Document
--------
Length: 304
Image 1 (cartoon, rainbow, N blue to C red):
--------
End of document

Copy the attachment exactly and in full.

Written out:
Length: 304
Image 1 (cartoon, rainbow, N blue to C red):